Fermi Gamma-Ray Telescope reveals mysteries at the edge of the electromagnetic spectrum

fermi-gamma-ray-telescope-reveals-mysteries-at-the-edge-of-the-electromagnetic-spectrum

Each type of light, from radio waves to gamma-rays, reveals something unique about the universe and its electromagnetic spectrum. Some wavelengths are best for studying black holes; others reveal newborn stars and planets; while others illuminate the earliest years of cosmic history. NASA has many telescopes “working the wavelengths” up and down the electromagnetic spectrum.  Gamma rays are the highest-energy form of light known to us.

The Fermi Gamma-Ray Telescope orbiting Earth, has just crossed a new electromagnetic frontier and is picking up energetic photons. Scientists from NASA’s Goddard Space Flight Center have been able to produce the first all-sky map of the very high energy universe near the very edge of the electromagnetic spectrum, ranging between 10 billion and 100 billion electron volts. The light we see with human eyes consists of photons with energies in the range 2 to 3 electron volts. The gamma-rays Fermi detects are billions of times more energetic, from 20 million to more than 300 billion electron volts. These gamma-ray photons are so energetic, they cannot be guided by the mirrors and lenses found in ordinary telescopes.

Fermi was launched in June 2008. Before launching, there were only four known celestial sources of photons in this energy range and in three years Fermi has found almost 500 more

About a third of the new sources can’t be clearly linked to any of the known types of objects that produce gamma rays. For now, scientists have no idea what they are. One of the mysteries is giant bubble structures emanating from the Milky Way’s center and spanning some 20,000 light years above and below the galactic plane. And there are blazars – super massive black holes; the seething remnants of supernova explosions and pulsars – rapidly rotating neutron stars.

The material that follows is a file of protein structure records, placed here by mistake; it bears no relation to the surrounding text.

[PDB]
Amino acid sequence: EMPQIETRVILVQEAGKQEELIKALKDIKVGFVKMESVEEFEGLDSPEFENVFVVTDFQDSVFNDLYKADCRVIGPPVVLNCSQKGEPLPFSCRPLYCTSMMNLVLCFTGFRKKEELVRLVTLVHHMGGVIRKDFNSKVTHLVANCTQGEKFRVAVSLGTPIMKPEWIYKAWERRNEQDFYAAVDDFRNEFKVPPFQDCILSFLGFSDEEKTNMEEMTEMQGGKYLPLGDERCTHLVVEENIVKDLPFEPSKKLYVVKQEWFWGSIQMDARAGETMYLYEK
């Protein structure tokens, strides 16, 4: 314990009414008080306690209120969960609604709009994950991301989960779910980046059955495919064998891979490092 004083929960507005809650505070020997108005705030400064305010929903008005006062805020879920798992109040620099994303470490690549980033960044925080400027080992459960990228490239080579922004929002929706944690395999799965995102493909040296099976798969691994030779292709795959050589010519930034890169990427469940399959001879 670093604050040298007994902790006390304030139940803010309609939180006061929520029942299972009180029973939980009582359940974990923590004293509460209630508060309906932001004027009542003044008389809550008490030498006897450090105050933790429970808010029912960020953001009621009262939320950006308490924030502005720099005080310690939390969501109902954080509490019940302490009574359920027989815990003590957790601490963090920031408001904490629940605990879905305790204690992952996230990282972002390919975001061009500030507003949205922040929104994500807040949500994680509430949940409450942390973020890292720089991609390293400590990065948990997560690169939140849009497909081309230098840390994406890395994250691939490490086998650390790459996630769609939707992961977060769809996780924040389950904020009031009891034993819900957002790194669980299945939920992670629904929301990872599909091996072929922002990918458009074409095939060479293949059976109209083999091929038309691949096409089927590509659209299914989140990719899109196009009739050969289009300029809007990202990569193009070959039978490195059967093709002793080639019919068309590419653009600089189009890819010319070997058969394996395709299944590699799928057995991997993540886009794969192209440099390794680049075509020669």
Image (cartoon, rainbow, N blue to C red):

Fermi scans the entire sky every three hours, and as the mission continues and our exposure deepens, scientists can see the extreme universe in progressively greater detail. Now that the first sky map is complete, Fermi is working on another, more sensitive and detailed survey. In the next few years, Fermi should reveal something new about all of these phenomena, what makes them tick, and why they generate such ‘unearthly’ levels of energy. But for now, though, there are more unknowns than knowns about this new world.

 

Fermi Space Telescope: Exploring the Extreme Universe

Fermi is a powerful space observatory that will open a wide window on the universe. Gamma rays are the highest-energy form of light, and the gamma-ray sky is spectacularly different from the one we perceive with our own eyes. With a huge leap in all key capabilities, Fermi data will enable scientists to answer persistent questions across a broad range of topics, including supermassive black-hole systems, pulsars, the origin of cosmic rays, and searches for signals of new physics. The mission’s main instrument, the Large Area Telescope (LAT), is making pioneering observations of gamma-ray bursts at higher energies than ever before from space. Another instrument onboard, the Fermi Gamma-Ray Burst Monitor, is monitoring gamma-ray bursts at lower energies. The combination of the GBM and the LAT provides a powerful tool for studying GRBs over a very wide range of energies.

The mission is an astrophysics and particle physics partnership, developed by NASA in collaboration with the U.S. Department of Energy, along with important contributions from academic institutions and partners in France, Germany, Italy, Japan, Sweden, and the United States.

NASA’s Fermi Space Telescope Explores New Energy Extremes

The Fermi Gamma-ray Space Telescope

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